Peggy Whitson holds the record for the most cumulative days spent in space by a NASA astronaut. Altogether, she accumulated 665 days in space, the most for any U.S. astronaut and eighth on the all-time space endurance list at the time of her return to Earth. In addition to her cumulative spaceflight record, Whitson was also the first woman to command the space station and previously held the record for longest-ever single spaceflight made by a woman.

Selected from thousands of applicants, Whitson began her astronaut training in 1996. During her time at NASA, Whitson flew three long-duration missions to the International Space Station. Whitson, who is also a biochemist, went on to serve as NASA's chief astronaut before retiring from the agency in 2018. Originally, Whitson began her career at NASA/Johnson Space Center as a researcher in the Biomedical Operations and Research Branch. A holder of multiple academic degrees, Whitson has been honored with various NASA medals. She was named Glamour’s Woman of the Year in 2017, and included in Time magazine's 100 Most Influential People of 2018.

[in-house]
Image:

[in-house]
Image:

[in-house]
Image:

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Following her undergraduate years, Whitson enrolled at Rice University in 1981. Located in Houston, Texas, Rice not only offered Whitson close proximity to NASA, but also awarded her a Robert A. Welch Predoctoral Fellowship. She went on to earn her Doctor of Philosophy degree in biochemistry from Rice in 1986. Following the completion of her graduate work, she continued at the university as a Robert A. Welch Postdoctoral Fellow until October 1986, when she accepted a position at Johnson Space Center in Houston, Texas.

Despite her soaring career at NASA, Whitson has always remained in the orbit of her alma mater. In 1997, while still undergoing astronaut training, she accepted a position as adjunct assistant professor at Rice University in the Maybee Laboratory for Biochemical and Genetic Engineering. To honor her many achievements—both on and off this planet—Rice awarded Whitson with the Distinguished Alumni Award in 2010. Currently, the record-breaking astronaut continues to serve the Rice community as a faculty member and occasional guest lecturer for public events on campus.